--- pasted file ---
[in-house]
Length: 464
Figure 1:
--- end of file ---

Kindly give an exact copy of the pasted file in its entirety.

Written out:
[in-house]
Length: 464
Figure 1: